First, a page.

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Mark Tremonti first made his name with ‘90s post-grungers Creed, and continues to rule the modern rock world in the 21st century with the Myles Kennedy-fronted Alter Bridge and his own solo act, Tremonti (who, it’s worth noting, are gearing up to head out on the road in support of their latest release, Marching in Time). But when it comes to his influences, his heart is in the 1980s. “There’s just great songs, great vocals and great guitar work in so much of that stuff,” he says.

As a child, Tremonti’s tastes leaned more toward the extreme end of the music spectrum – he highlights Slayer, Death Angel and Celtic Frost, as well as punk acts like Black Flag, Minor Threat and Bad Brains, as favorites (“although back then Metallica was also considered extreme,” he points out). But the guitarist, singer and songwriter had an appreciation for more mainstream rockers as well. “Anything that had badass, memorable riffs, basically,” he says.

Tremonti sat down with Metal Edge to talk about some of his favorite ‘80s bands. And while the artists he named fall all over the rock and metal map, one thing they have in common is that they all, true to Tremonti’s word, wrote songs with badass, memorable riffs.

Take it away, Mark…


“I love Tesla. And I think Myles [Kennedy] was the one who pointed out to me one time, ‘Now that I know you're a big fan of Tesla, I hear Frank Hannon’s guitar playing all in your style.’ And thinking back on it I realized, yeah, Frank definitely had a huge influence on my playing. His fingerstyle parts, like the beginning to ‘Love Song,’ his lead guitar lines…I loved them and I learned them. And they definitely seeped into my writing and guitar playing. I didn't realize it until Myles said that. But he just has a classy sound. He isn’t overindulgent, but then he can also do those killer shreddy runs, like in ‘Modern Day Cowboy’ and stuff like that. Those songs just have a lot of heart and soul in them.”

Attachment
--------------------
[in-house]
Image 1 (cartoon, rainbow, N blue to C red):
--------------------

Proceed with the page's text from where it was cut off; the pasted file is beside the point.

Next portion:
Ozzy Osbourne

“We usually think of Ozzy as heavy metal, but there was a point in the mid ‘80s where he kind of fell into that glam world. Like the Ultimate Sin album, which I loved. When people ask, ‘What's your favorite Ozzy record?’ I say that one. And they’ll say, ‘But there's so many better records...’ But back then, when you were a kid you could only afford a certain amount of records, you know? And that was the one I owned, so I played it all the time. I knew every word and every note. And ‘Killer of Giants’ was one of my favorite songs ever.

"And you know, another thing about that record is that you have Jake E. Lee on guitar. Jake was awesome. His style is so recognizable – you hear it and you hear Jake E. Lee, you hear his personality. He's got a big personality in his playing, and it’s all over The Ultimate Sin. I think I read somewhere that Ozzy didn't really like that album too much. But I love it.”


"I thought Warren DeMartini was great for that genre. I think of all the kind of over-the-top, big hair ‘80s bands, Ratt was one of the best. And Warren DeMartini was great for that type of playing. His solos were just killer, and really well put together. I must have learned a dozen of them. I would just learn the solo and not the rest of the song [laughs]. I treated it like its own little song. One time I remember talking to my producer, Michael “Elvis” Baskette who recorded their last album [2010’s Infestation], and he was telling me, “Yeah, Warren didn’t really pre-plan his solos. He’d go in there and just improvise ‘em and kind of piece 'em together.” Which is crazy. Because when you listen to some of his solos, they don't sound like they're improvised – they sound composed. He has such a great, natural approach to the guitar.”